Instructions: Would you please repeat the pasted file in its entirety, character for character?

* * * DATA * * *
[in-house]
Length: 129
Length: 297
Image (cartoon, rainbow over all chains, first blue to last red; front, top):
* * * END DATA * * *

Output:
[in-house]
Length: 129
Length: 297
Image (cartoon, rainbow over all chains, first blue to last red; front, top):